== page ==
Not all lump sums are unconstitutional
The current ruckus on the gargantuan lump sums — especially on the P9.3 billion “confidential and intelligence funds” — allegedly included in the proposed P5.268 trillion national budget for 2023 brings up once again the massive graft discussed in my Oct. 17 column titled “The penumbra of PDAF.”
TO RECALL, THE PORK BARREL SYSTEM also known as the Priority Development Assistance Fund (PDAF) and the Countrywide Development Fund had been banished by Belgica v. Ochoa (Nov. 19, 2013) expertly penned by Justice Estela M. Perlas-Bernabe. Without repeating what I had written on Oct. 17 but to guide readers in understanding my present column, may I just quote another portion of this monumental 2013 Belgica decision that shows why and how lump-sum appropriations were deemed unconstitutional:
“In the final analysis, the Court must strike down the Pork Barrel System as unconstitutional in view of the inherent defects in the rules within which it operates. To recount, insofar as it has allowed legislators to wield, in varying gradations, non-oversight, post-enactment authority in vital areas of budget execution, the system has violated the principle of separation of powers; insofar as it has conferred unto legislators the power of appropriation by giving them personal, discretionary funds from which they are able to fund specific projects which they themselves determine, it has similarly violated the principle of non-delegability of legislative power; insofar as it has created a system of budgeting wherein items are not textualized into the appropriations bill, it has flouted the prescribed procedure of presentment and, in the process, denied the President the power to veto items; insofar as it has diluted the effectiveness of congressional oversight by giving legislators a stake in the affairs of budget execution, an aspect of governance which they may be called to monitor and scrutinize, the system has equally impaired public accountability; insofar as it has authorized legislators, who are national officers, to intervene in affairs of purely local nature, despite the existence of capable local institutions, it has likewise subverted genuine local autonomy; and again, insofar as it has conferred to the President the power to appropriate funds intended by law to energy-related purposes only to other purposes he may deem fit as well as other public funds under the broad classification of ‘priority infrastructure development projects,’ it has once more transgressed the principle of non-delegability.” (bold types in original)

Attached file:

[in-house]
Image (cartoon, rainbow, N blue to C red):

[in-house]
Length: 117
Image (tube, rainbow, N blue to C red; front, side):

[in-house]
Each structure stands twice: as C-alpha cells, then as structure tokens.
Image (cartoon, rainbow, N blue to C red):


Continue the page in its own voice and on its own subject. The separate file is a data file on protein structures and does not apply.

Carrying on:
I ENDED THAT OCT. 17 COLUMN IN THIS WISE: “Do the lump sums in the 2023 budget constitute a form of pork barrel that could be scuttled using Belgica v. Ochoa? At this point, not being privy to the penumbral facts surrounding the lump-sum black hole, I cannot answer the question. Perhaps, Senator Pimentel can?”
Unfortunately, I have not received any answer from the good senator. But fortunately, I got an email from the ponente, Justice Bernabe, now retired, referring me to her 2022 book, “Perlas-Bernabe On Law and Justice” in which she advised that less than a year after the 2013 Belgica decision was rendered, a petition was filed seeking to declare all lump-sum appropriations as unconstitutional per se.
REJECTING PETITIONER BELGICA’S CONTENTION, the Supreme Court—in Belgica v. Executive Secretary (Oct. 8, 2019)—clarified why and how some lump-sum appropriations were considered constitutional “as long as the lump-sum amount(s) (are) meant as a funding source for multiple programs, projects or activities that may all be clearly classified as falling under one singular appropriation purpose.”
“In this sense,” J Bernabe explained, “the ‘lump sum’ effectively functions as a ‘line-item’ that is compliant with the doctrine of singular correspondence … This singular purpose may be as general or specific as the legislative department deems it to be, provided that such generality or specificity does not negate the President’s proper exercise of his item veto power…
“[In contrast,] the lump-sum amount of P24.79 billion [in the 2013 Belgica decision] was treated as a funding source for multiple unrelated purposes such as … ‘scholarships, medical missions, assistance to indigents, preservation of historical materials, construction of roads, flood control, etc.’ Worse, these multiple unrelated purposes were all made to fall under the vague and amorphous term ‘Priority Development Assistance Fund,’ which ultimately allowed those who were to disburse the funds (i.e. individual legislators) to decide whatever public purpose they deemed as a ‘priority.’ As such, this created a budgeting set-up wherein there is no more discernible item left for the exercise of the President’s veto power and hence, constitutionally infirm.”
With that scholarly clarification by the lady justice, will the esteemed Senator Pimentel be able to reply to my query now?
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